Thousands of people marched through the streets of Istanbul on January 19 to commemorate the fourth anniversary of the killing of journalist and human rights activist Hrant Dink.
Dink’s murder symbolises the rising wave of nationalism and chauvinism in Turkey in recent years.
Dink was an Armenian-Turkish journalist, human rights activist and a prominent member of his community. He was 51-years-old when he was murdered by a 17-year-old right-wing assassin on January 19, 2007 — gunned down outside the office of Agos, a bilingual newspaper that he edited in Istanbul.
Dink campaigned for Turkey to confront the mass killings of Armenians during the World War I. His stance caused him to be branded as a “traitor” among nationalists from both Turkish and Armenian backgrounds.
He criticised the Turkish government for not recognising the mass killings of Armenians in 1915 by the Ottoman Empire. But he was also in conflict with Armenian diaspora for his opposition to using the genocide to pursue what he considered identity politics.
Dink was prosecuted under the article 301, which deems it illegal to insult Turkey, the Turkish nationality or the government. He was sentenced to six-months jail in 2005 and faced court again in 2006 for insulting Turkish ethnicity.
Dozens of intellectuals have been prosecuted under the same law, including the Nobel Prize-winning writer Orhan Pamuk.
Dink began receiving death threats from various groups. He was publicly threatened a number of times.
After his assassination, it emerged he had notified the authorities about the threats and the government failed to protect him. The media also contributed to his death by turning him into a hate figure, labelling him an enemy of the Turkish republic.
Many hateful headlines and television news items added to the atmosphere that led to his death.
Dink’s assassin was Ogun Samast, an ultra-nationalist who was arrested 32 hours after the assassination. He confessed straight away, saying he had no regrets of killing an Armenian.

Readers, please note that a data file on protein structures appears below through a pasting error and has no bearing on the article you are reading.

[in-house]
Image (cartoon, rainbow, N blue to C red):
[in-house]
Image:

Some newspapers reported that he was treated by many as a “hero” and published his photo smiling with Turkish police in front of a Turkish flag.
In October 2010, Samast was tried in juvenile court since he was a minor at the time of the killing.
Dink’s family has made many allegations that evidence has been covered up by officials. They said punishing those who encouraged Samast to pull the trigger and protected him is more important than the jailing of a single person.
In September 2010, The European Court of Human Rights ruled that the Turkish state had failed to protect Dink, violated his freedom of expression and failed to properly investigate his murder. It ordered Turkey to pay compensation to Dink’s family.
Dink’s assassination caused a shock wave among many people from different ideological backgrounds, who were brought together into a movement for justice. Thousands joined demonstrations under the same slogan: “we are all Hrant, we are all Armenians”.
Dink’s widow Rakel sad: “Our suffering made us relatives.”
In his last article, published on the January 19, 2007, Dink said he was being psychologically tortured and physically attacked: “I am just like a dove, equally obsessed by what goes-on on my left and right, front and back. My head is just as mobile and fast …
“Yes, I can feel myself as restless as a dove, but I know that in this country people do not touch and disturb the doves.”
For many, Dink was a dove that carried the messages between Turkish and Armenians. Unfortunately, fascism chose to harm that dove.